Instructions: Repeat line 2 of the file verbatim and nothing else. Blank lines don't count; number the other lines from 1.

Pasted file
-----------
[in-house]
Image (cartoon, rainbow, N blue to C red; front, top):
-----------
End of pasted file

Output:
Image (cartoon, rainbow, N blue to C red; front, top):